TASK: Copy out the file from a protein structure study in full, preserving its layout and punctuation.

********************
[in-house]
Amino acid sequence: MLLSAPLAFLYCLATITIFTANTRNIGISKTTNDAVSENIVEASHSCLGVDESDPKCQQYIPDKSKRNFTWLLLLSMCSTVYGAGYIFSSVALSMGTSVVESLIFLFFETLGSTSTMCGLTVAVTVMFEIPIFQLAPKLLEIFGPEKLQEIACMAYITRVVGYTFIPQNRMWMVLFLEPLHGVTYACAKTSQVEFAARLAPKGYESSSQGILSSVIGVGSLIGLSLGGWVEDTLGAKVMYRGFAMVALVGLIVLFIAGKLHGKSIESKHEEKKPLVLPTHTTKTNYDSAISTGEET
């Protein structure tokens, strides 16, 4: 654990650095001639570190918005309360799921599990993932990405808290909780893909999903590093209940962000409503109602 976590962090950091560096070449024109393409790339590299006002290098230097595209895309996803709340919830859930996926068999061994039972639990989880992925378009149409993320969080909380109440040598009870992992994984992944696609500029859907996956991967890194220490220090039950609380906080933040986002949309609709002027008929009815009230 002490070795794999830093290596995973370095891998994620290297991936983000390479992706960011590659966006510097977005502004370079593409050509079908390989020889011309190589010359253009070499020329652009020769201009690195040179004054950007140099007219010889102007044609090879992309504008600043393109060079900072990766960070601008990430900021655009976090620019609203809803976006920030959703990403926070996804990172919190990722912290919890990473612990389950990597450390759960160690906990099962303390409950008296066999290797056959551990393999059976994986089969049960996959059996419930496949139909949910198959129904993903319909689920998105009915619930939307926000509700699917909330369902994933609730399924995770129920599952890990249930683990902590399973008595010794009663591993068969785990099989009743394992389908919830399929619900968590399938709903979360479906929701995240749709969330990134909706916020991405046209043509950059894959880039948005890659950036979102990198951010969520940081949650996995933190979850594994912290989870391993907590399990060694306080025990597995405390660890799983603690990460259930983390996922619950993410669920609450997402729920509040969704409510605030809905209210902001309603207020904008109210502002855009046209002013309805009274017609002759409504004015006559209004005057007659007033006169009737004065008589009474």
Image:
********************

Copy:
[in-house]
Amino acid sequence: MLLSAPLAFLYCLATITIFTANTRNIGISKTTNDAVSENIVEASHSCLGVDESDPKCQQYIPDKSKRNFTWLLLLSMCSTVYGAGYIFSSVALSMGTSVVESLIFLFFETLGSTSTMCGLTVAVTVMFEIPIFQLAPKLLEIFGPEKLQEIACMAYITRVVGYTFIPQNRMWMVLFLEPLHGVTYACAKTSQVEFAARLAPKGYESSSQGILSSVIGVGSLIGLSLGGWVEDTLGAKVMYRGFAMVALVGLIVLFIAGKLHGKSIESKHEEKKPLVLPTHTTKTNYDSAISTGEET
């Protein structure tokens, strides 16, 4: 654990650095001639570190918005309360799921599990993932990405808290909780893909999903590093209940962000409503109602 976590962090950091560096070449024109393409790339590299006002290098230097595209895309996803709340919830859930996926068999061994039972639990989880992925378009149409993320969080909380109440040598009870992992994984992944696609500029859907996956991967890194220490220090039950609380906080933040986002949309609709002027008929009815009230 002490070795794999830093290596995973370095891998994620290297991936983000390479992706960011590659966006510097977005502004370079593409050509079908390989020889011309190589010359253009070499020329652009020769201009690195040179004054950007140099007219010889102007044609090879992309504008600043393109060079900072990766960070601008990430900021655009976090620019609203809803976006920030959703990403926070996804990172919190990722912290919890990473612990389950990597450390759960160690906990099962303390409950008296066999290797056959551990393999059976994986089969049960996959059996419930496949139909949910198959129904993903319909689920998105009915619930939307926000509700699917909330369902994933609730399924995770129920599952890990249930683990902590399973008595010794009663591993068969785990099989009743394992389908919830399929619900968590399938709903979360479906929701995240749709969330990134909706916020991405046209043509950059894959880039948005890659950036979102990198951010969520940081949650996995933190979850594994912290989870391993907590399990060694306080025990597995405390660890799983603690990460259930983390996922619950993410669920609450997402729920509040969704409510605030809905209210902001309603207020904008109210502002855009046209002013309805009274017609002759409504004015006559209004005057007659007033006169009737004065008589009474």
Image: